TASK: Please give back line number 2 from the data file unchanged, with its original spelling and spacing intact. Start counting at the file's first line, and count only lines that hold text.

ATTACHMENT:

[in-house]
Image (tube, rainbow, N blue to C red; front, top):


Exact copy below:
Image (tube, rainbow, N blue to C red; front, top):